Assessment of small-dose fentanyl and sufentanil blunting the cardiovascular responses to laryngoscopy and intubation in children

Fu Shan Xue, Kun Peng Liu, Yi Liu, Ya Chao Xu, Xu Liao, Guo-Hua Zhang, Cheng-Wen Li, Quan Yong Yang, Hai-Tao Sun
Paediatric Anaesthesia 2007, 17 (6): 568-74

BACKGROUND: The authors found no study assessing the efficacy of small-dose narcotics on the cardiovascular response from intubation in children, so they observed the effects of fentanyl 2 microg x kg(-1) and sufentanil 0.2 microg x kg(-1) on the cardiovascular changes during laryngoscopy and intubation in children.

METHODS: Ninety-three children aged 3-9 years were randomized to one of three groups to receive the following treatments in a double-blind manner: normal saline (group C), fentanyl 2 microg x kg(-1) (group F) and sufentanil 0.2 microg x kg(-1) (group S) 2 min before induction. Noninvasive blood pressure (BP) and heart rate (HR) were recorded before anesthesia induction (baseline value), immediately before intubation (postinduction values), at intubation and 5 min after intubation at 1-min interval.

RESULTS: Tracheal intubation caused significant increases in BP and HR in the three groups compared with baseline values. BP and HR at intubation and after intubation and their maximum values during observation were significantly lower in groups F and S than in group C (P < 0.05). The mean percent increases of systolic blood pressure (SBP) and HR at intubation were significantly lower in group S, 7% and 10%, than in group F, 17% and 25% (P < 0.05). The increases in SBP and HR of more than 30% of baseline values during the observation period were significantly higher in group F, 27% and 43%, than in group S, 0% and 3% (P < 0.05).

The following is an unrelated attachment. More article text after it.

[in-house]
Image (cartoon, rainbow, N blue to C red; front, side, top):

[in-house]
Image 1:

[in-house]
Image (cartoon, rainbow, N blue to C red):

CONCLUSIONS: When used as part of anesthesia induction with propofol in children, sufentanil 0.2 microg x kg(-1) 2 min before induction is more effective in attenuating the cardiovascular intubation response than fentanyl 2 microg x kg(-1).

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